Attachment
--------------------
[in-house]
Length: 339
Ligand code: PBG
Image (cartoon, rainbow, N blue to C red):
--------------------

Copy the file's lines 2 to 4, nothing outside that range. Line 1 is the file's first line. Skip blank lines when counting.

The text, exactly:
Length: 339
Ligand code: PBG
Image (cartoon, rainbow, N blue to C red):